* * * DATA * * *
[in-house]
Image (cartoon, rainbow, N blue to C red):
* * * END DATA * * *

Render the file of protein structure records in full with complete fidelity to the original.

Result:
[in-house]
Image (cartoon, rainbow, N blue to C red):